Security

2003 CSI/FBI cybercrime survey shows reduced losses

The CSI and the FBI have released their 2003 Computer Crime and Security Survey. This year's edition of the survey shows that economic loss from security incidents is way down. But not all of the findings are positive. Here's a recap and evaluation.


The eighth edition of the longest-running annual survey of computer crime and losses has recently been published by the Computer Security Institute. The study, which is conducted in cooperation with the San Francisco FBI office, is based on the results reported by 530 security specialists working in U.S. corporations and government agencies.

A lot of interesting data is contained in the detailed statistical analysis, which makes up the core of this year’s report. We're going to look at some of the most important findings.

Get your copy
The report is a treasure trove of useful information, and I urge everyone to download the complete 22-page CSI/FBI study for future reference. If nothing else, it will add weight to your arguments when you are working to improve security awareness.

Notable findings
Here are a few of the findings from the report that first jumped out at me:
  • The number of incidents remained about the same as in the 2002 survey, but overall economic loss was down significantly; losses due to financial fraud in particular were down by 90 percent.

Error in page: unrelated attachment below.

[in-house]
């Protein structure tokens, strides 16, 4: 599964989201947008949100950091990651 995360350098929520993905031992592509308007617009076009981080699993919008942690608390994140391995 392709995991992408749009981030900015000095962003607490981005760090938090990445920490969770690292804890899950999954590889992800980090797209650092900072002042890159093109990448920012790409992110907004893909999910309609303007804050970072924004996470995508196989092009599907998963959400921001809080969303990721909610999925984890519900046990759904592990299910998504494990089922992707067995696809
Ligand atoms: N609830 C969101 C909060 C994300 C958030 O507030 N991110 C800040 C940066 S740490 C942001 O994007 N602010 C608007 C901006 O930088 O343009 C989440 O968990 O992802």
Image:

• Theft of proprietary information was reported as being responsible for the most financial loss, with the average reported loss pegged at about $2.7 million per incident.
  • Denial of service attacks were responsible for more than $65 million in total losses among those surveyed, making it second only to theft of proprietary data in total cost.
  • Insider attacks and system abuse followed virus infections as the top category of adverse events based on the number of incidents.
  • In a blow to crackers who think they can move into the mainstream, 68 percent of the respondents were strongly opposed to hiring reformed hackers.
  • The high incidence of virus attacks reported is also a bit surprising, since 99 percent of the companies surveyed reported using antivirus software. A full 98 percent also report using firewalls.

Other key points
Biometric technology has yet to make a real dent in the market, with only 11 percent of the security specialists reporting its use in their organizations. This almost certainly indicates a continued reliance on passwords as a major security measure, which may go a long way toward explaining why so many incidents continue to be reported.

More than half the respondents said that their Web site (as opposed to their network) was not attacked in the past year, but a surprising 22 percent reported that they didn’t even know whether they had been attacked. Vandalism (36 percent) and denial of service (35 percent) were the major kinds of Web site incidents for those companies reporting attacks.

Back when the survey began, fewer than one in five serious attacks were reported to authorities, but that percentage has doubled in recent years to around 30 percent. Of those who gave a reason for failing to report incidents, more than half said they didn’t know they could report incidents. But nearly three-quarters say that they don’t report incidents because they fear negative publicity.